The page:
Understand the importance of brain health
Brain health is a critical aspect of overall well-being, and a growing body of research highlights its importance in determining our cognitive abilities as we age. The factors that contribute to maintaining brain health and protecting against cognitive decline are multifaceted and encompass elements such as regular exercise, a balanced diet, and a healthy gut microbiome. Of particular interest is the intestinal bacteria known as Asaccharobacter celatus (A celatus), preliminarily linked to executive function.
The impact of a healthy lifestyle on cognitive function
A cohort study published in JAMA Network found that a higher lifestyle score, indicating a healthier lifestyle, was associated with better cognitive function in older adults. Data from the Rush Memory and Aging Project used in the study showed that factors such as physical activity, diet, and cognitive activity contributed to this score. The study concluded that a healthy lifestyle can provide a cognitive reserve that maintains cognitive abilities, regardless of the common neuropathologies of dementia.
Healthy Lifestyle Choices and Cognitive Decline
Another study published in JAMA Neurology echoes these findings and suggests that healthy lifestyle choices can slow cognitive decline even in older adults with neuropathologies such as dementia. These healthy lifestyle choices include being physically active, eating healthy, avoiding smoking, and limiting alcohol consumption. Evidence consistently shows that a healthy lifestyle provides numerous cognitive benefits and can reduce the risk of dementia.
Physical activity, cognitive stimulation and brain health
Physical activity and cognitive stimulation are integral parts of a healthy lifestyle that can improve brain health. These activities help increase cerebral blood flow, improve heart health, increase brain activity, and increase brain volumes. They can also prevent neuroinflammation and oxidative stress in the brain. Experts recommend 150 minutes of physical activity per week, spending time with friends and family, and performing cognitively stimulating tasks to safeguard cognitive function.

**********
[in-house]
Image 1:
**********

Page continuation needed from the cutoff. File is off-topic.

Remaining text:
The role of diet in maintaining optimal brain health
Eating a balanced diet is another cornerstone of a healthy lifestyle that can protect cognitive function. The composition of the gut microbiota, influenced by diet, may play a crucial role in maintaining optimal brain health. For example, a certain gut bacteria, A celatus, may have a positive effect on executive function.
Frailty, pain and cognitive function
A cross-sectional study conducted in Korea explored the impact of frailty severity and severe pain on cognitive function in community-dwelling older adults with arthritis. Interestingly, the study found that severe pain alone does not significantly affect cognitive function. Therefore, to predict high-risk groups and provide appropriate interventions to prevent cognitive decline, it is essential to assess both pain and frailty severity.
Lifestyle factors and dementia pathology
Scientists at Rush University Medical Center investigated whether dementia-related brain pathology modifies the association between healthy lifestyle choices and cognition in later years. Their findings indicated that healthy lifestyles were associated with less near-death cognitive decline, independently of brain pathologies related to Alzheimer’s disease or dementia. Lifestyle factors, such as physical activity and diet, are also associated with less cognitive decline, independent of the influence of vascular disease.
Resilience to dementia through a healthy lifestyle
As dementia affects more than 55 million people worldwide, with 10 million new cases each year, a study published in JAMA Neurology highlights the urgent need for more research into reducing the risk of developing dementia. The study found that people who have a healthy lifestyle may be more resistant to brain changes that can cause dementia symptoms. Therefore, a higher lifestyle score based on five lifestyle factors was related to better overall cognitive functioning as a person aged.